Subdivision of the West Bank between Jewish and Arab claimants has always been an essential ingredient of President Bush’s 2002 vision to create a new Arab State between Israel and Jordan.
Indeed such a subdivision had been pursued by President Clinton in 2000 before negotiations between Israel and the Palestine Liberation Organisation (PLO) broke down after Yasser Arafat had demanded all of the West Bank and ended up getting nothing at all as a result.
President Bush made his position on this issue abundantly clear on 14 April 2004 when he declared in a letter to Israel’s then Prime Minister - Ariel Sharon:
“In light of new realities on the ground, including already existing major Israeli populations centers, it is unrealistic to expect that the outcome of final status negotiations will be a full and complete return to the armistice lines of 1949, and all previous efforts to negotiate a two-state solution have reached the same conclusion. It is realistic to expect that any final status agreement will only be achieved on the basis of mutually agreed changes that reflect these realities.”
Fifteen years of negotiations with the PLO - begun with the much heralded but totally ineffectual Oslo Accords in 1993 - have proved a complete waste of time in achieving the determination of sovereignty in the West Bank - an area that has had no recognised sovereign authority since 1948 when Great Britain terminated the mandate conferred on it by the League of Nations in 1922.
President Bush’s Roadmap - backed by the United Nations, Russia and the European Union - has failed to make the slightest impression on securing PLO agreement to any part of the West Bank remaining in Jewish hands.
The PLO’s continuing intransigence has forfeited its right to continue to negotiate the future of the West Bank on behalf of the Arabs. Its conditions for statehood are incapable of fulfilment.
Jordan was the last sovereign Arab State to occupy the West Bank, which it did from 1948 to 1967 until it was lost to Israel in the Six Day War in 1967.
Jordan ceded all claims to the West Bank in 1988 in favour of the PLO in the face of extreme pressure by the Arab League to do so. That decision has proved disastrous for the Arab residents of the West Bank and now requires to be urgently reviewed by the Arab League and reversed.
Jordan needs to be brought back as the appropriate partner to negotiate a subdivision of the West Bank with Israel so as to enable its Arab residents to at least be freed of Israeli military control and restrictions on their freedom of movement and assembly.
Randa Habib of Agence France Presse in an article dated June 10 and posted on http://www.canada.com titled “Jordan fears new pressure to merge with West Bank” reports of Jordanian concerns at such a possibility quoting “a senior Jordanian official” as stating:
“The only acceptable scenario for us is the merger of Jordan and all of the West Bank”
In the same breath the same official however is quoted as saying:
"Jordan does not want to be linked to 30 or 50 per cent of a territory which it owned from 1950 - 1967. To get half or less of the West Bank with all the Palestinian population would be suicide.”
Jordan need have no fears on this score. Israel was prepared to cede its claim to 93% of the West Bank in 2000 and reportedly to a slightly lesser area in the failed negotiations on President Bush’s Road Map. The radicalization of the Arab population of the West Bank might well necessitate a staged withdrawal by Israel from the areas it agrees to cede to Jordan in direct negotiations.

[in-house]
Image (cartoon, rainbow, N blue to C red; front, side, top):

Jordan represents the only realistic option for removing Israel’s grip on the West Bank’s Arab population. Failure to grasp the opportunity now presented will be a tragedy and end any prospects of a peaceful settlement of the Jewish-Arab conflict in the foreseeable future.
Jordan cannot go it alone. It will need the backing of the Arab League as well as American and hopefully international support - politically, militarily and financially - to secure Jordan against any attempt to overthrow its monarchy and governing structure by Arab terrorist and radical groups who oppose any concessions or any territory in the West Bank being kept by Israel or the recognition of a Jewish State anywhere in the Middle East.
Additionally the implementation of any agreed subdivision will entail a joint co-operative effort between Israel and Jordan to render the West Bank an “arms free” area where the only weapons there are under the control of the Jordanian and Israeli military and police forces.
No doubt demilitarization of the West Bank - partially or totally - would be on the negotiating agenda.
The existence of a peace treaty signed between Israel and Jordan in 1994 puts Israel and Jordan in a position of equal negotiating strength as sovereign States already living side by side in peace - a critical factor never existing in any previous negotiations over the last 70 years.
Substantive issues such as water, refugees and Jerusalem are already covered under the peace treaty and afford ready made, agreed solutions to what has been considered impossible to achieve under previous negotiations.
Redrawing the boundary between these two sovereign states should be a relatively simple task that can be accomplished in a matter of weeks - well before President Bush leaves the Oval Office in January 2009.
Another Arab State in any part of the West Bank would require the joint consent of Jordan and Israel. Maybe when the current environment turns from confrontational to peaceful and cooperative, the opportunity might then be afforded to complete what President Bush’s vision so earnestly desired and what proposals over the last 70 years have been unable to achieve.
That is for the future. The present demands swift and decisive intervention by Jordan.